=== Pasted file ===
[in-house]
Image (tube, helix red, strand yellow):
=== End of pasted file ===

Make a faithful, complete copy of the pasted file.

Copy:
[in-house]
Image (tube, helix red, strand yellow):